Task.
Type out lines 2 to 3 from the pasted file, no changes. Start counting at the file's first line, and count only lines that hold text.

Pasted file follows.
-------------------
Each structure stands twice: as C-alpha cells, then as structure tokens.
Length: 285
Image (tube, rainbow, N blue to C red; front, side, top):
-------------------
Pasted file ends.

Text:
Length: 285
Image (tube, rainbow, N blue to C red; front, side, top):